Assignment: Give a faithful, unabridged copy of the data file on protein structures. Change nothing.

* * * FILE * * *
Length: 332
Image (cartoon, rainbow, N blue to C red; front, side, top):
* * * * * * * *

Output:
Length: 332
Image (cartoon, rainbow, N blue to C red; front, side, top):